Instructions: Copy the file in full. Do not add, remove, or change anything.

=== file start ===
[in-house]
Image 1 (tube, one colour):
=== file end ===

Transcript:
[in-house]
Image 1 (tube, one colour):